It’s all just what suits the individual of course, but your right really, the most ideal cameras for street seem to me to be fully manual. And indeed, the bessa L has to be one of the best street cameras. It almost makes me wish I shot street photography it’s that suitable for it.

  9. Christos Theofilogiannakos

    A very accurate review of the mju II. On my part, I simply hate this camera. The lens can give impressive, SLR-like results under certain situations, but it is otherwise a horrible (yes, HORRIBLE) camera: The flash thing is simply annoying, as is the terrible VF. AF is not as fast or accurate, the camera is often plagued by light leaks that cannot be fixed due to the peculiar design of the film door and the rubber gasket that ensures weather sealing. Worst of all, it handles like a wet bar of soap, there’s no grip and it is so light that one actually has to use both hands to avoid camera shake. There, I’ve said it, now I’m ready to be crucified by the mju crowd!

  10. I have to agree with Blinx and Christos. There are many compact film cameras out there that are almost brilliant, but are let down by one or two aspects that become complete “deal breakers”.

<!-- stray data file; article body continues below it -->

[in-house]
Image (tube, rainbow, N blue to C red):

For me the mju ii has two of these. It is simply far too slippery and difficult to handle – I almost dropped mine half a dozen times shooting a single roll (I can’t recall ever actually dropping another camera and damaging it). Plus that small viewfinder is just too much of an annoyance when virtually all of the earlier era compacts have so much bigger and more pleasurable VFs. You’re never going to get the immersion of experience of a calssic SLR with a big VF like a Pentax MX in a compact, but I still like to have some sense of being lost in a different world when I look through a camera’s VF. You can;t get that if it’s too small and squinty. Yes I do love the compact size of the mju ii, but something like the XA or XA2, mju i or underrated Canon MC are just as pocketable and all with much better handling and VFs.

    1. So many cameras, and so few that fit the bill for even a majority.
      I think my point about the mju-ii is that for all its compromises, it offers perhaps the best balance between compromise/price/lens/size/ease to find etc. I don’t really like it either – but I still recommend it most times I am asked